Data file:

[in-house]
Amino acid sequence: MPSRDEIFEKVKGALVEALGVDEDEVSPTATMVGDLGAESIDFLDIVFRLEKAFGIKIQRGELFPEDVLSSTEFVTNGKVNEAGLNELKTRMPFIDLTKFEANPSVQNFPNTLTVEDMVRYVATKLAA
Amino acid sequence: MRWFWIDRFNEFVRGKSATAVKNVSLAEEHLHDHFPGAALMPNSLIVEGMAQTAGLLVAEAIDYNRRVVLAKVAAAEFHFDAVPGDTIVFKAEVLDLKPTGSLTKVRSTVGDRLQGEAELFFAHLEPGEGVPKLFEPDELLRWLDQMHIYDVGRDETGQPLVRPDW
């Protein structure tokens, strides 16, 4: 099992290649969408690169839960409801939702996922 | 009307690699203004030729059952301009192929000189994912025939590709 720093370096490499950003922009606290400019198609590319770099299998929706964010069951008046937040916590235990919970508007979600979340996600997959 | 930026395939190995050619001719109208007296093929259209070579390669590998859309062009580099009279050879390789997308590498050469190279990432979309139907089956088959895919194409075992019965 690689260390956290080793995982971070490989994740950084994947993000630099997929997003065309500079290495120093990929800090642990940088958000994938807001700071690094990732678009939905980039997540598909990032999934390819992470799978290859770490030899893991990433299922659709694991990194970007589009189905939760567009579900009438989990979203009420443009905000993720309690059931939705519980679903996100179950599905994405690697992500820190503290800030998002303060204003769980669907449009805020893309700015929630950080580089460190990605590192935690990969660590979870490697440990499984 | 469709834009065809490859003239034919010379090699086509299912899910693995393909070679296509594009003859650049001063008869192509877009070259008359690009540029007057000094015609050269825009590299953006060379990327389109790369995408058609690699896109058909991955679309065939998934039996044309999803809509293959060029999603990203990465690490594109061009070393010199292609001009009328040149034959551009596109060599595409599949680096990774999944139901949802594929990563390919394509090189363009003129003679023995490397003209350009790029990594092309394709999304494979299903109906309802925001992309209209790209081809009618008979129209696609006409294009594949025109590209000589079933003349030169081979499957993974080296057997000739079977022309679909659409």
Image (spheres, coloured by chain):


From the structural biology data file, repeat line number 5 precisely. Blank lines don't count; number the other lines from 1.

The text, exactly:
Image (spheres, coloured by chain):